Alex started school today, and that is a big change for her… but it is also a big change for me, a milestone in her life and a threshold over which once crossed there is no going returning. She went out that door, got on that bus, and entered into a whole new world of experiences. It will change her, and in that change she will grow into someone new, someone wonderful. Of no less, and no greater beauty than the amazing person she is today. Yet the person she is today will be lost to me. The girl who holds my hand tomorrow isn’t the same person who held my hand as she toddles across the floor, isn’t the same person as the one who looked up at me with those eyes so blue on her very first day. She is the sum of those people, just as the young lady she will become is going to be the sum of the person she is today (and every person she is between now and then). But then am I not a different man than I was when I first held her hand (an eternity ago to her, an instant to me). That man is still here, part of the sum of experiences that makes up my life… just as the little boy who once held a hand (an eternity ago for me, perhaps a moment ago for others).

Time changes us, it brings us new experiences that shape who we are like the waves on a beach shape the sand. Even if we go back to the same place, be it days or even years later, we can never return to that same beach we once walked on. Nor are we the same people as the ones who once walked on that beach.

Tonight, after the excitement had calmed down she laid her head down on my shoulder and said “I can hear you breathing daddy” then drifted off to sleep. Tonight I laid there for a bit longer than I otherwise would… there being laundry to do and a dishwasher to run, lines on the endless list of things that need to be done. I laid there with the window open and lightning flickering in the distance.

Just for a moment, just one moment more.

Celebrating Symmetry in Needlework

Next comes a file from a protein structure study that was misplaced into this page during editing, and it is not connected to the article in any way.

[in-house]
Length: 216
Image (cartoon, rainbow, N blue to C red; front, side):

My grandmother probably never thought of herself as mathematician, yet she had an understanding of rotational, translational and reflective symmetry. Fiber arts, especially as practiced by women, was seriously neglected in the cannons of artistic works until the 1970s. The feminist movement brought attention to the culture of women’s lives and their contributions as craftspersons and artists. Many women created quilts and other fabric art in hardship by gathering and sewing together little pieces of cloth, sometimes transforming even rags into art for their home.

I have no familiarity with mathematical subjects of plane and spacial symmetries, but I do know that nothing makes a room look more cozy than a quilt on a bed.

Weekly Photo Challenge: Symmetry

Summer Camp, Fifty Years Ago, and Almost Not Making it Back Home

Rite of Passage: the Summer Camp Experience 1957

For many children in the U.S., the summer camp experience has become a right of passage: separating from parents, friends and a familiar neighborhood to live in “the great outdoors” and learn life strategies of how to get along with adults and other children. According to the American Camp Association, nearly 11 million kids attend one of the 7,000 overnight camps each summer, with stays ranging from a week to two months. I had classmates whose parents sent them to camp for the entire summer. Research suggests that camp can build confidence, social skills, and independence. Probably for most kids, the experience is a mixed bag, like life.

Girl Scout camp Hidden Falls provided that experience for my sister, Jean, and her two friends. Jean wrote my parents the quintessential camp letter, “Please, please come get me! I hate it! . . . almost mimicking to a tea Allan Sherman’s hit single record years later, “Hello Muddah, Hello Fadduh,” a comic song in which a camper bemoans his experiences to the tune of Ponchielli‘s Dance of the Hours.

Take me home, oh Mudda Fadda
Take me home, I hate Granada
Don’t leave me out in the forest where
I might get eaten by a bear

Camp Nik-o-Mahs, in the Mountains of Central Pennsylvania 

I remember being intrigued by the Camp Nik-o-Mahs brochure. The camp was once a scout camp founded in the 1920 and named for the nearby town of Shamokin, spelled backwards, that is. The Hall family, who lived in my hometown of Springfield, operated the camp. The list of activities sounded exciting: archery, swimming in a creek, campfires, canoeing, all in a woodsy atmosphere. The cabins resembled little clapboard houses with porches. The camp sponsored overnight hikes and a trip through a water cave. In 1958 the brochure read that campers can “frolic to their heart’s content” in the creek. [1] An adventurous 11-year old, I loved all of that so I begged my parents to let me go. They were not so enthusiastic. My folks were protective and not convinced that the experience would be as joyful as I was imaging. The begging paid off, however, and they submitted the application what I think was about $35 for a week. What could happen in a week, after all?

First Day of Camp (me in the back)

First Day of Camp (me in the back)

Introduction to Latrine Duty

After a four-hour drive, but which seemed endless–due to my excitement, we arrived at the camp. Each cabin had three sets of bunk beds, with four to six sharing girls the quarters. About nineteen cabins lined along a dirt path, the girls’ cabins grouped together, then the boys’ cabins further down. I think there was a rule about not being allowed on the boys’ side.